Measuring Background Radiation

Equipment

Stage, camera holder, Minipix-EDU

Procedure

  1. Launch the Pixet Basic software and modify settings to the following:
    1. Min Level: 0
    2. Max Level: 100
    3. Measurement Mode: Tracking
    4. Frames: 1800
    5. Exposure: 1 s
    6. Sum: check
    7. Color Map: Hot
  2. Mount the MiniPix EDU camera on the stage and click on the play button.
  3. Since background radiation is the measure of ionizing radiation in the environment, thus we do not need the radiation source.

Results

  1. Usually, we will observe the beta and gamma radiation but sometimes alpha particles might also be observed (Fig. 1).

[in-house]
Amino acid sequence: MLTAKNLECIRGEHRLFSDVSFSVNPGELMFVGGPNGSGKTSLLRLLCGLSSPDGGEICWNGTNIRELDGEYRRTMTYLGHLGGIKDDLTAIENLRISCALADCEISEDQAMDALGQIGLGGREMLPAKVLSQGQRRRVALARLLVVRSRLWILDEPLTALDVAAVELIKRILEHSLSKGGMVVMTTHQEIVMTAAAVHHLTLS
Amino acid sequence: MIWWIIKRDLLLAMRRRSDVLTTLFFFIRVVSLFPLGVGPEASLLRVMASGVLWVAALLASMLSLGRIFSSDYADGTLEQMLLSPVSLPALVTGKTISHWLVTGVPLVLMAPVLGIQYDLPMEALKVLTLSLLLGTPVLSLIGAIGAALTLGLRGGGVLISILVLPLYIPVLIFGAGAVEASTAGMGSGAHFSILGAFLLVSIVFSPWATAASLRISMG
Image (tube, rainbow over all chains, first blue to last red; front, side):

Figure 1. The background radiation collected during 10 minutes scan
  2. The more frames you collect, the better is the chance of spotting rare background radiation like muons and alpha particles.

Conclusion

  1. We are always exposed to radiation from surroundings and they are not always harmful. 
  2. Most of the background radiation comes from radon gas which is formed naturally when radioactive metals, like uranium, thorium, or radium, break down.
  3. These metals are present in rocks, soil, and groundwater. We are exposed to radon primarily by breathing it in.

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